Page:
Coal town

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For the horse, see Coaltown.

A coal town, also known as a coal camp or patch[1] is typically situated in a remote place and provides residences for a population of miners to reside near a coal mine. A coal town is a type of company town or mining community established by the employer, a mining company, which imports workers to work the mineral find. The 'town founding' process is not limited to coal mining, nor mining, but is generally found where mineral wealth is located in a remote or undeveloped area, which is then opened for exploitation, normally first by having some transportation infrastructure brought into being first. Often, such minerals were the result of logging operations pushing into a wilderness forest, which clear-cutting operations then allowed geologists and cartographers to chart and plot the lands, allowing efficient discovery of natural resources and their exploitation.

Usually, the coal camp, like the railroad camp and logging camps, began with temporary storage, housing and dining facilities—tents, shanties, shacks—until more permanent dwellings could be built. Often the first built structures were log cabin storehouses followed closely by kitchens, a lumber mill and smithies, then management offices, housing. Gradually, within a year or so, the camp grew into a community with a variety of housing types including boardinghouses for transients and new hires, all the growing community organized around a Company Store. The store, to the wives and families joining the miners in the developing community, was perhaps "the most essential structure in the town...".[2] The coal operator, would normally divest itself of unprofitable lands as soon as possible, rather than paying land taxes, so sub-divided the tract and sold lots and eventually the housing it had built, recouping part of its capital (money) out of the unproductive property of the tract. The more typical structures such as churches, and schools would appear later as the town grew,[3] often with a donation by the employer, but mostly financed by the community growing around the main employer.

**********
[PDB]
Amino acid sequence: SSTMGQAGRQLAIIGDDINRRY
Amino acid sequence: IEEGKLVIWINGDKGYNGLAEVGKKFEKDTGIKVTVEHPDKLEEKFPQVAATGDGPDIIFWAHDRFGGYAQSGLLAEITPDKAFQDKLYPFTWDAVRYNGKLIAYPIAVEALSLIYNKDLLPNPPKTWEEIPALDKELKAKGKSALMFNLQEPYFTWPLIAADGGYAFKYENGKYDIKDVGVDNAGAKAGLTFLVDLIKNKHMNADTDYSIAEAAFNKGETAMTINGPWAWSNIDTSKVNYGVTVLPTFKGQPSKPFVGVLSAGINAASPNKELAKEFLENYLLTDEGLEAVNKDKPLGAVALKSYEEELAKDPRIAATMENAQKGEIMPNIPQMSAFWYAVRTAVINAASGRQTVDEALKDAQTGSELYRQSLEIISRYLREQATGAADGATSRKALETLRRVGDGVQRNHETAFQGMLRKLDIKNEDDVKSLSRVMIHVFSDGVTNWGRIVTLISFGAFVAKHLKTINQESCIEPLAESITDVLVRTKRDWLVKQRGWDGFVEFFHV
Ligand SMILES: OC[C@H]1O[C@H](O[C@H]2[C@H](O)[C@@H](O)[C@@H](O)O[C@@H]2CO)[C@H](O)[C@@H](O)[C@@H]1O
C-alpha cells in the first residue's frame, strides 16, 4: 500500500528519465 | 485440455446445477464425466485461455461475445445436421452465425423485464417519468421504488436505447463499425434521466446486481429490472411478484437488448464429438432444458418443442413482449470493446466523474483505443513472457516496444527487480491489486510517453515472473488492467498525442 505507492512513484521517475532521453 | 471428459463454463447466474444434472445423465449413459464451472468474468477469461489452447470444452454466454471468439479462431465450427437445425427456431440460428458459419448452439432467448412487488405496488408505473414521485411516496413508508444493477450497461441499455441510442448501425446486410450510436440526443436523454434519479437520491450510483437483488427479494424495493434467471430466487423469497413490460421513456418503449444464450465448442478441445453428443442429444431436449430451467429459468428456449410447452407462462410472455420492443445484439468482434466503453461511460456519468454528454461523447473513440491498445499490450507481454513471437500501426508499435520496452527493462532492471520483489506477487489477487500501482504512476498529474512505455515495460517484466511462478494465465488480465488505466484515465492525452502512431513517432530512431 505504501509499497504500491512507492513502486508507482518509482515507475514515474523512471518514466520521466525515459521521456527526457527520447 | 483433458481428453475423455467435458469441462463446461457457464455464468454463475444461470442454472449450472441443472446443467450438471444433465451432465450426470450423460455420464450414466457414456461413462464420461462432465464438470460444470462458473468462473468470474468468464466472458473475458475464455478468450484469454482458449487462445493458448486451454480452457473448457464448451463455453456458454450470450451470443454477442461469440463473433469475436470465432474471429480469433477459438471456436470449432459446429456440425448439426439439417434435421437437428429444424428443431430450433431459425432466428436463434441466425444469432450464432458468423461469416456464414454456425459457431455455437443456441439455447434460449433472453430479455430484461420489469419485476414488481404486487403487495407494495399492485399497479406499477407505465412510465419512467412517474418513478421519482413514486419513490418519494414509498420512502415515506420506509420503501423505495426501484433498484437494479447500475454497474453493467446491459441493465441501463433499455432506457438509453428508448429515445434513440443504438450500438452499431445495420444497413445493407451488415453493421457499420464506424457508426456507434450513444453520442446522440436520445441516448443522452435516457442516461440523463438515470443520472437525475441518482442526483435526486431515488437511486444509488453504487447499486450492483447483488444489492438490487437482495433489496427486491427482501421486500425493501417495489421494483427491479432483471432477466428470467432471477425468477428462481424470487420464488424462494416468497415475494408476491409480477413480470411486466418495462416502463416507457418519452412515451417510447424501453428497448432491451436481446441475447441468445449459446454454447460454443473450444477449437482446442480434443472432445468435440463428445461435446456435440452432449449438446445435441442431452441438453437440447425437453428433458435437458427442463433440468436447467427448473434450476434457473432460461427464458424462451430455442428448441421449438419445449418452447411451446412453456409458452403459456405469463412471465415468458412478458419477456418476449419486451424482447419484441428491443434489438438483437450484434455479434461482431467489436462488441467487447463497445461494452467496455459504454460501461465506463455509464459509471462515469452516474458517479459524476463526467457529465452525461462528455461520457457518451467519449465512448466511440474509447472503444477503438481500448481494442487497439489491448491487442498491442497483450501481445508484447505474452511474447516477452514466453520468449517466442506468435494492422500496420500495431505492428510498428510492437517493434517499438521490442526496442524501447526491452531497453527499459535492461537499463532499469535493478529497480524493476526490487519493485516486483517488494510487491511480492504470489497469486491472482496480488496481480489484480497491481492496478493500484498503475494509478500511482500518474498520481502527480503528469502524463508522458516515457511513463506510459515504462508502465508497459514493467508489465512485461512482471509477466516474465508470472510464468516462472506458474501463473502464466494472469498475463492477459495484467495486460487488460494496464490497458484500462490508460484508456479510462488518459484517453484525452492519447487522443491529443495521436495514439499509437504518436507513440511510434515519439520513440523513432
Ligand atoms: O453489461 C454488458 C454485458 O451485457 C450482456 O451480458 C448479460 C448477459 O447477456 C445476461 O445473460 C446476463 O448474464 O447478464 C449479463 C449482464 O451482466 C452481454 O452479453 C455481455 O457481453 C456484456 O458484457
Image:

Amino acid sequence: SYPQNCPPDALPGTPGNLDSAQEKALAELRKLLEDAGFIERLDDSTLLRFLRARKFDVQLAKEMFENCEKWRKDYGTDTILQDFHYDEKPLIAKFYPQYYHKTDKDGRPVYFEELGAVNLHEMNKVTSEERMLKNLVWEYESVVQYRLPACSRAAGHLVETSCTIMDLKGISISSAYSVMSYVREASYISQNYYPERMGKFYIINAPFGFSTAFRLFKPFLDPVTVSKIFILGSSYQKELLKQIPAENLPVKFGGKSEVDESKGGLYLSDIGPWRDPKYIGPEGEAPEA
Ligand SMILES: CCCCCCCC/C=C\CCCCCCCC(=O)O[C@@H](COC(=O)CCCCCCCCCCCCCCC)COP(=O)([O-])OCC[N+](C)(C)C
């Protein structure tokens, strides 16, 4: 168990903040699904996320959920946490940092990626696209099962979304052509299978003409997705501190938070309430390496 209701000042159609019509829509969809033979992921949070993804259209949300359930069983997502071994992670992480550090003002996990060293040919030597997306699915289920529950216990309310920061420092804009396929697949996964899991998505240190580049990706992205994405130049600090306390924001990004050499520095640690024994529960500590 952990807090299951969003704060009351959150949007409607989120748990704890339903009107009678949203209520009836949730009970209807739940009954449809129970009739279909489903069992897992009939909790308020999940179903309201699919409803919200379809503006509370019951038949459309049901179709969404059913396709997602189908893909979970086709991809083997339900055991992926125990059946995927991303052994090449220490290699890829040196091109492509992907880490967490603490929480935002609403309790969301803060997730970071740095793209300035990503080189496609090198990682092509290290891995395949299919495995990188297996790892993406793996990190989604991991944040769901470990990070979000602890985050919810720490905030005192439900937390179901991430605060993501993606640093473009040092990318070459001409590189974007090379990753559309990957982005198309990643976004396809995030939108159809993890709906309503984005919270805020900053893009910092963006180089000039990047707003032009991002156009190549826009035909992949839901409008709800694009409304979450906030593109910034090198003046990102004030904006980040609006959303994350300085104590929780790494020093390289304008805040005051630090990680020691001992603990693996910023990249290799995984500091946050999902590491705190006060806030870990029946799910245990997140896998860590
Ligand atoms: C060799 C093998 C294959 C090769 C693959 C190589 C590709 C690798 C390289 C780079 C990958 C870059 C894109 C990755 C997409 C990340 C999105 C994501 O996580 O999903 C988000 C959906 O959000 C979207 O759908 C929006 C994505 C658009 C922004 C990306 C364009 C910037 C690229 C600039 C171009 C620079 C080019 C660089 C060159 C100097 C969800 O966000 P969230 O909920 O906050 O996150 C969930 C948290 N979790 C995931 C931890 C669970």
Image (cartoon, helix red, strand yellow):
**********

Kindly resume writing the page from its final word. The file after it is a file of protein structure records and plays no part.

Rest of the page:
Given the typically remote location and the absence of any travel infrastructure at the mines, 'coal camps' often became a part of being a coal miner.

In point of fact, the operators built towns because they had no alternative. The mining of coal requires miners; miners require houses. Since most mines were opened in virtually unsettled areas, there was no existing housing....Since the almost complete absence of all weather roads made it necessary for the miner to live close to his work, small villages (often called "camps") were built close to each mine.

— William Tams, The Smokeless Coal Fields of West Virginia: A Brief History[4]


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References[edit]

  1. ^ Sadler, Spencer (2009). Pennsylvania's Coal and Iron Police. Chicago, IL: Arcadia Publishing. ISBN 978-0-7385-6470-8. 
  2. ^ Shiflett, Crandall (1991). Coal Towns Life, Work, and Culture in Company Towns of Southern Appalachia 1880-1960. University of Tennessee Press. p. 35. ISBN 0-87049-678-6. 
  3. ^ Crandall, page 33
  4. ^ Tams, William (2001). The Smokeless Coal Fields of West Virginia: A Brief History. Morgantown, West Virginia: West Virginia University Press. p. 51. ISBN 0-937058-55-6.